Do we shape the buildings we live in? Or are we the ones formed by the places we call home? What can a house tell us about the people who have lived there?
Writers and biographers Kate Kennedy and Hermione Lee are joined by Bloomsbury historian Simon Watney to discuss what houses mean to us and how we use them to connect with and think about the past.
Hermione Lee is a non-fiction writer and retired English Literature professor. She taught at the Universities of Liverpool, York and Oxford, where she held the Goldsmiths’ Chair in English (1998–2008). Her work includes biographies of Virginia Woolf, Edith Wharton and Penelope Fitzgerald. Her most recent book ‘Lives of Houses’, co-edited by Kate Kennedy, celebrates our fascination with the houses of famous literary figures, artists, composers and politicians of the past. In 2013 she was made a Dame for services to literature.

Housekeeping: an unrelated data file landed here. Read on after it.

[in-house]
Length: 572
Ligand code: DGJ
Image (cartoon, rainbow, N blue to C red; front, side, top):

Kate Kennedy is a biographer and broadcaster, a Research Fellow at the University of Oxford, and Associate Director of the Oxford Centre for Life-writing. She has published widely on 20th century music and literature, is a regular presenter on history and culture for the BBC, and the author of ‘Dweller in Shadows: A life of Ivor Gurney’ (2021). She is the co-editor with Hermione Lee of ‘Lives of Houses’ (2020), editor of ‘Literary Britten’ (2018), and co-editor of ‘The Silent Morning: Culture and Memory after the Armistice 1918’ (2016).
Simon Watney was a student of Quentin Bell at the University of Sussex, and has an M.A. from the Courtauld Institute. Amongst other subjects, he has written books about Duncan Grant, Sussex churches, and Bloomsbury homes outside London. Previously a trustee of The Charleston Trust, he is currently a member of the Advisory Committee concerned with the future of Prospect Cottage, Derek Jarman’s former home at Dungeness. He lives in Deal, in Kent.